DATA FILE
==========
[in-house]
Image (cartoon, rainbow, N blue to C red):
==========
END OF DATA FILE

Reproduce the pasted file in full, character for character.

[in-house]
Image (cartoon, rainbow, N blue to C red):